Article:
Militant Thistles

polemical poetry to prickle the politics of "permanent austerity"

atos Poor Doors Sheriff Stars spikes

thistles stretch their prickly arms afar

Black Triangle bedroom tax Disrupt and Upset

Alan Dunnett

The Art of the Politician

 

 

The wet rain is falling on the road,

just as it did on the day the last war

ended.  To mark the losing of the load,

people capered in the puddles and swore

 

it would never happen again – a curse,

from the look of it, though we live in hope.

Fear trains then trips a twitch (stay calm) and, worse,

breeds poison without an antidote.

 

I search your ear and run in like mercury

down the smooth, natural canal that tips

into the heart from which you should break free

(Quiet yourself.  Remember: read my lips.)

 

for, you know, too much emotion, my dear,

(I have this on sound advice) will prevent

cool thought from pulsing out loud and clear

and (heaven forbid) that would mar intent.

 

So go to your castle or your safe home

and prepare in the way that you see fit

and never forget you are not alone

and who it was that dropped you in the shit.

 

The dry rain is falling on the road

as another war practically begins.

Of course, we hope that nothing will explode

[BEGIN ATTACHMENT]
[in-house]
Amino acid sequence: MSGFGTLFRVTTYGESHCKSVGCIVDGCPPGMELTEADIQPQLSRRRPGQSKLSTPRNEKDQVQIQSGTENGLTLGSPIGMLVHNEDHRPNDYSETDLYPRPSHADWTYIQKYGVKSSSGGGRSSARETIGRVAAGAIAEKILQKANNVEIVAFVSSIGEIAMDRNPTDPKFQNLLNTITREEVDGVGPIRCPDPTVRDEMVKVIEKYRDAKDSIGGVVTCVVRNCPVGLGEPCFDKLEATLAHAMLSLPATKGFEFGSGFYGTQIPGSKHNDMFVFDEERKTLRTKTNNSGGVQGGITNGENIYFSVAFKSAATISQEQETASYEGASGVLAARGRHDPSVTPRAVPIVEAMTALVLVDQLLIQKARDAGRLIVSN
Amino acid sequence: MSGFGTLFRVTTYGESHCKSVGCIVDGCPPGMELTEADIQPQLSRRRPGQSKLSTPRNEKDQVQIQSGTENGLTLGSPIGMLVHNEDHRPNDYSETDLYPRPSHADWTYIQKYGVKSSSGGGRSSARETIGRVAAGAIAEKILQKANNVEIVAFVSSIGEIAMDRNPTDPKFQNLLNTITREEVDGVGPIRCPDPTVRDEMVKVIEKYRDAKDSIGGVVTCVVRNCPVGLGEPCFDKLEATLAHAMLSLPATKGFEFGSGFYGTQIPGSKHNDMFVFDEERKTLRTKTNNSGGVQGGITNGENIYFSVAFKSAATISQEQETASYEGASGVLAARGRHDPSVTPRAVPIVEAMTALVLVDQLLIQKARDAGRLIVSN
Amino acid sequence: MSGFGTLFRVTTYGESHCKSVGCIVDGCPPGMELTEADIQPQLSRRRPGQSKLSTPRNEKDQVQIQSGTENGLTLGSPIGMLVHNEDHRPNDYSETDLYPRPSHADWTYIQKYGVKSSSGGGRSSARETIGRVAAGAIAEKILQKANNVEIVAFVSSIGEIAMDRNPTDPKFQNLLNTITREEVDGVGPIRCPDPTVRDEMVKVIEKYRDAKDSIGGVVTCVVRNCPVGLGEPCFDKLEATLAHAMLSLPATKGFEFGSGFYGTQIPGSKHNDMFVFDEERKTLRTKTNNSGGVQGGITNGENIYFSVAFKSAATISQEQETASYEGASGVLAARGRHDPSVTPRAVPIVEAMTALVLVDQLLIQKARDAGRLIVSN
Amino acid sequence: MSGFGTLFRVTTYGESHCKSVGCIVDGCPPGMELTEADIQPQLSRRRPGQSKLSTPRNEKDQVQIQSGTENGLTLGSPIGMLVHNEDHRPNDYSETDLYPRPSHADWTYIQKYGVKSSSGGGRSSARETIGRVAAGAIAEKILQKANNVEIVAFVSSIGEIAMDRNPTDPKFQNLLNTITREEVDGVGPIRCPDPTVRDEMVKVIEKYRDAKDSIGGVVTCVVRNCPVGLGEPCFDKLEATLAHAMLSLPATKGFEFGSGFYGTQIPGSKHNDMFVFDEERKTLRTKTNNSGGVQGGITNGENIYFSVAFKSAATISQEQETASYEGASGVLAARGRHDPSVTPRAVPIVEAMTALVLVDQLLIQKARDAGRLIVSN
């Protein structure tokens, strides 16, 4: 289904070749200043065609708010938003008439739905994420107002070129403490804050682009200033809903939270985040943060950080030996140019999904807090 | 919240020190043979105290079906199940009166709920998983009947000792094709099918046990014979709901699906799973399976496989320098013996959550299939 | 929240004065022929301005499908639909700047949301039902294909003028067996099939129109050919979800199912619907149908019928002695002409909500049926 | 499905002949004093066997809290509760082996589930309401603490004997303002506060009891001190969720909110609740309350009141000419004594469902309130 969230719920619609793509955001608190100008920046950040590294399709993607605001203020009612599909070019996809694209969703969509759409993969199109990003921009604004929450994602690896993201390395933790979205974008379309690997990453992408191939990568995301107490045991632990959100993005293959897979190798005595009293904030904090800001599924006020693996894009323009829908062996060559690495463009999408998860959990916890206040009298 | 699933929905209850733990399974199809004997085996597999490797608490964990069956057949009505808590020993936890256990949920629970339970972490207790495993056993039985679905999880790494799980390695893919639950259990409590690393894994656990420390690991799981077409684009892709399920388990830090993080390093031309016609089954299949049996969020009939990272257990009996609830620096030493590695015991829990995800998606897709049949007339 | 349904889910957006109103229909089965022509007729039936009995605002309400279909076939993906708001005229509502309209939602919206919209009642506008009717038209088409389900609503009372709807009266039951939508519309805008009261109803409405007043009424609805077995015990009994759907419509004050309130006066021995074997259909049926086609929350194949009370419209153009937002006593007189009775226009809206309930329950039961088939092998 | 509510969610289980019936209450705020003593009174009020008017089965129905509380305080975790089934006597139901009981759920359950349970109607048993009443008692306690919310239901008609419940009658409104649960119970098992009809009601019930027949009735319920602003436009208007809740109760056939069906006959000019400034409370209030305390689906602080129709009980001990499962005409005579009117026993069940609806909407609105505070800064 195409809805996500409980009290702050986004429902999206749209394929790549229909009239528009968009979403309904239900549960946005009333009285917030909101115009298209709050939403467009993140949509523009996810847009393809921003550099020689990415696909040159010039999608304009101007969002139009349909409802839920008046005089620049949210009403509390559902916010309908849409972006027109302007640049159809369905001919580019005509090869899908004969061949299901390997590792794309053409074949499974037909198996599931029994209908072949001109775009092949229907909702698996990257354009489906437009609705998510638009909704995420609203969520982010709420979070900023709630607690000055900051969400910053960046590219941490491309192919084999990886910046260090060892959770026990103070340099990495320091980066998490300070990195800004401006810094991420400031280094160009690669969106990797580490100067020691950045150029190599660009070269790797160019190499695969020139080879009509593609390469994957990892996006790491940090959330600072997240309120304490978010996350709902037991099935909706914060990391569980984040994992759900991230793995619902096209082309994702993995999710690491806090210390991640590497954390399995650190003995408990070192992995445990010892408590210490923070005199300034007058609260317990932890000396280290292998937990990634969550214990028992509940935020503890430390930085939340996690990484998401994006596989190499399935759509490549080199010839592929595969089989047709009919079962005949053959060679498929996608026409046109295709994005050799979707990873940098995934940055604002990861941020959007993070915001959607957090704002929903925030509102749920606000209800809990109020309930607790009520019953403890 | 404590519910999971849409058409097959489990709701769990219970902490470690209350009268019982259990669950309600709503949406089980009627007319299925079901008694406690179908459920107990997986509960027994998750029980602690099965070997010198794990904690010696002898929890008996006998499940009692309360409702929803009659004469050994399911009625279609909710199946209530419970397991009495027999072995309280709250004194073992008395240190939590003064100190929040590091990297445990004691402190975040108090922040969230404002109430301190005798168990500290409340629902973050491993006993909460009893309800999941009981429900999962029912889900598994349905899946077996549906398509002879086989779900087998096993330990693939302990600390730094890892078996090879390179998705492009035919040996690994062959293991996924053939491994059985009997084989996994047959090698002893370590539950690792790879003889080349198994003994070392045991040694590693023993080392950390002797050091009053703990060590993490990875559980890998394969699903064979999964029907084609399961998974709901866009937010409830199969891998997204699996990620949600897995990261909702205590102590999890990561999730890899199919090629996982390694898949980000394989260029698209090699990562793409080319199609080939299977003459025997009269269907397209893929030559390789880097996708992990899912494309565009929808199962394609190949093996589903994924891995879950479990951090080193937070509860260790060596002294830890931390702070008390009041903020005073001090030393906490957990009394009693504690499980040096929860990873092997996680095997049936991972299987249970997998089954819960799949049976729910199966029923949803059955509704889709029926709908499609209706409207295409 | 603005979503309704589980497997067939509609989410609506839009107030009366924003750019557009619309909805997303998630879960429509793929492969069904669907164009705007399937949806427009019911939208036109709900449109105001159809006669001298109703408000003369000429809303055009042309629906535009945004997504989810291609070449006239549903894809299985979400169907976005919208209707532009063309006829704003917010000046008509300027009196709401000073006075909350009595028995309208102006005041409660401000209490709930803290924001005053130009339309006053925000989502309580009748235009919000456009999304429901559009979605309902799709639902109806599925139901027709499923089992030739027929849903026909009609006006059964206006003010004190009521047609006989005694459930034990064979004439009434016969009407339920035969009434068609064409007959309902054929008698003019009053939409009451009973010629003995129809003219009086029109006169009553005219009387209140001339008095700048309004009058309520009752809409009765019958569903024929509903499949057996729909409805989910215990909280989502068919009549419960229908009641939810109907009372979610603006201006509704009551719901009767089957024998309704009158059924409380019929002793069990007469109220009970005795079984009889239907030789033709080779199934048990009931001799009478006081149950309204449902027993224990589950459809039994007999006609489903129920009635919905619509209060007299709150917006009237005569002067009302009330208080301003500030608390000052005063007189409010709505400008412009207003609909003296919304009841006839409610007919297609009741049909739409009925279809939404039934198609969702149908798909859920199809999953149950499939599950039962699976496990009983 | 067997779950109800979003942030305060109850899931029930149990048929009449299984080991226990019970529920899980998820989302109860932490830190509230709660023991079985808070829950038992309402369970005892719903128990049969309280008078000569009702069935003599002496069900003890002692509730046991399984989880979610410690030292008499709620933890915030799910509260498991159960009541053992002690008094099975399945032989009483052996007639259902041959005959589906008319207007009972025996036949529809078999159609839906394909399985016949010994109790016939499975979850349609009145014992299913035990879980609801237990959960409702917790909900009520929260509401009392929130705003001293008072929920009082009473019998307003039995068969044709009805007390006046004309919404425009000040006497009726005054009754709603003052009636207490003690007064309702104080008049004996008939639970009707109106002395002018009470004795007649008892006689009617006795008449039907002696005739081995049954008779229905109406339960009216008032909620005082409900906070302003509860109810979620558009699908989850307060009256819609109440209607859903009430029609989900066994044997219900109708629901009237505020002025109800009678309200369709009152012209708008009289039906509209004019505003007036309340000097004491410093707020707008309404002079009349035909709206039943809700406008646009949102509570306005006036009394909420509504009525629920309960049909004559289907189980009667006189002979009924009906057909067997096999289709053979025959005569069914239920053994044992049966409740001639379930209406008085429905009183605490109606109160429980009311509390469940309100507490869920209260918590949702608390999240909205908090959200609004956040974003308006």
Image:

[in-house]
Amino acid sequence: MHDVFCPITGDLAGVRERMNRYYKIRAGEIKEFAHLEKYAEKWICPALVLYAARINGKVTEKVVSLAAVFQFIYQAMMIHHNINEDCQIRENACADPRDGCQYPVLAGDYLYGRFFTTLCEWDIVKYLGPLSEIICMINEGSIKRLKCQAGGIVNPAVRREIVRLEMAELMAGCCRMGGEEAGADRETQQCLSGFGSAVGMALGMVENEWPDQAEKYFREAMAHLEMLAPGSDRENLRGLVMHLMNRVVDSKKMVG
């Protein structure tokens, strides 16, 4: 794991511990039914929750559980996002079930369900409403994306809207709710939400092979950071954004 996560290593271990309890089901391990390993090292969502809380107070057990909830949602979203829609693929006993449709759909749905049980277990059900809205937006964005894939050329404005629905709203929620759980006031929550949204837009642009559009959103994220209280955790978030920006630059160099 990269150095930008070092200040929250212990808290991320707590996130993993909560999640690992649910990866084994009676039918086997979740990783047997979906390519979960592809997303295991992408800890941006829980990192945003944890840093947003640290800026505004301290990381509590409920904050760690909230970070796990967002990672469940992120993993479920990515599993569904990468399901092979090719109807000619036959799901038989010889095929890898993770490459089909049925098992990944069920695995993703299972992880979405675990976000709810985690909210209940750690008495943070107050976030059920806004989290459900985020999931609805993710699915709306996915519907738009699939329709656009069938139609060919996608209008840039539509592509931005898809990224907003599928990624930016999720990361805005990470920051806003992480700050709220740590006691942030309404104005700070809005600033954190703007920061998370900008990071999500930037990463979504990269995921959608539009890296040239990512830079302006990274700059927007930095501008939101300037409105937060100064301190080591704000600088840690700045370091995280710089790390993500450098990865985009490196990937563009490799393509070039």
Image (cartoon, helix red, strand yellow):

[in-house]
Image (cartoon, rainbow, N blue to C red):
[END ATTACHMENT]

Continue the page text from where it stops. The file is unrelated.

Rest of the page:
and ask the Lord to forgive us our sins.

Alan Dunnett is a former regional theatre director, whose productions have included Entertaining Mr. Sloane with Gary Oldman (Chesterfield Pomegranate) and the large-scale community play Bridge (Dundee Rep). He now works largely for MA Screen -  alumni include Gemma Chan, Rungano Nyoni and Jolyon Rubinstein - at Central Saint Martins, London, where he was its University and College Union branch secretary. His poems have recently appeared in the Communist Review, the anthology Is There a Poem Sweet Enough? (Emmylou Books) available from Campaign Against Arms Trade, Brittle Star and Dead Ink. A chapbook is forthcoming through The Drunken Boat. Readings at Nottingham, Derby and Bradford Playhouses, Leicester Haymarket, The Troubadour, The Poetry Cafe, QUAD with Bernard O'Donoghue and C.J. Allen, and on Radio Nottingham and Radio Derby. Last year, he won the Ealing Poetry Competition, judged by George Szirtes.